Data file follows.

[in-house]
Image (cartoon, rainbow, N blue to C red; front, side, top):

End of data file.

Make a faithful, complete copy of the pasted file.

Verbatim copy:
[in-house]
Image (cartoon, rainbow, N blue to C red; front, side, top):